# Economics 1021A/B Chapter Notes - Chapter 4: Negative Number, Demand Curve, Inferior Good

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Published on 9 Nov 2011

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Economics Chapter 4 Notes

October 2, 2010

Elasticity

•When supply increases, the equilibrium price falls and the equilibrium

quantity increases

•Does the price fall by a large amount and does the quantity increase by a

little? Does the price barely fall and the quantity increase by a large amount?

○Depends on the responsiveness of the quantity demanded compared

to a change in price

Price elasticity of Demand: a units free measure of the responsiveness of the

quantity demanded of a good to a change in its price when all other influences on

buying plans remain the same

•Price elasticity of demand = percentage change in quantity demanded

Percentage change in price

•To use this formula, we need to know the quantities demanded at different

prices when all other influences on buying plans remain the same

•We express the changes in price and quantity demanded as percentages of

the average price and the average quantity

○By using these we calculate the elasticity at the point on the demand

curve midway between the original point an a new point

•E.g

○original price is 20.50 and new price is 19.50, therefore, average price

is 20.00. 1.00 price decrease so.. ($1/$20) X 100 = 5%

○original quantity demanded is 9 pizzas and the new is 11 pizzas,

therefore, average quantity demanded is 10. 2 pizza increase so…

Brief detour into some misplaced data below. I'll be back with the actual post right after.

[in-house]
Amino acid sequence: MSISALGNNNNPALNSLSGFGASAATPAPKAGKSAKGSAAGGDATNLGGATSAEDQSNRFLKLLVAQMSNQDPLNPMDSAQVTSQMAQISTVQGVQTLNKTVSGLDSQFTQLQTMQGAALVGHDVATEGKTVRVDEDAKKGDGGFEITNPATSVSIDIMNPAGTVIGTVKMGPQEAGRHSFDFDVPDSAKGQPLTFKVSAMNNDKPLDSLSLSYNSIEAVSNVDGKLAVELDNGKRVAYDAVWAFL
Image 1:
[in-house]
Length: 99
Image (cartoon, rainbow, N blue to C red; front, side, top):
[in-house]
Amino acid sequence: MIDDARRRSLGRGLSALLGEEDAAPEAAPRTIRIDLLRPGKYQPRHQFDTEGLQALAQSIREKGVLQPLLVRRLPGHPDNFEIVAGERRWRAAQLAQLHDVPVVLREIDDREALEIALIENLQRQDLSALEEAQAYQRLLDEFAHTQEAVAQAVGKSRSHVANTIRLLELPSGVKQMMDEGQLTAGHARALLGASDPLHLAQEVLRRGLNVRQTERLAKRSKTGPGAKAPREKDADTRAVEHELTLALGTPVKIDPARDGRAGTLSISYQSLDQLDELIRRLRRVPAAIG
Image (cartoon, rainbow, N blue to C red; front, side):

(2/10) X 100 = 20%

○price elasticity of demand = 20%/5% = 4.

•When the price of a good rises, the quantity demanded decreases. Because

of a positive change in price brings a negative change in the quantity

demanded, the price elasticity of demand is a negative number. This is the

magnitude or absolute value.

Perfectly inelastic demand: demand with a price elasticity of zero; the quantity

demanded remains constant when the price changes

Unit Elastic Demand: demand with a price elasticity of 1; the percentage change

in the quantity demanded equals the percentage change in price

Inelastic Demand: a demand with a price elasticity between 0 and 1; the

percentage change in quantity demanded is less than the percentage change in

price

Perfectly elastic Demand: demand with an infinite price elasticity; the quantity

demanded changes by an infinitely large percentage in response to a tiny price

change

•E.g. a soft drink from two campus machines located side by side. Same soft

drinks for the same price, people buy from both. If one has a higher price,

even by a small amount, no one will buy from the other one therefore

showing perfectly elastic demand.

Total revenue: from a sale of a good equals the price of the good multiplied by the

quantity sold

•When price changes, total revenue also changes but a rise in price does not

always increase totally revenue. It depends on the elasticity of demand in the

following way:

○In demand is elastic, a 1 percent price cut increase the quantity sold

by more than 1 percent and total revenue increases

○If demand is inelastic, a 1 percent price cut increases the quantity sold

by less than 1 percent and total revenue decreases

○If demand is unit elastic, a 1 percent price cut increases the quantity

sold by 1 percent and total revenue does not change

Total Revenue Test: a method of estimating the price elasticity of demand by

observing the change in total revenue that results from a change in price, when all

other influences on the quantity sold remain the same

•If a price cut increase total revenue, demand is elastic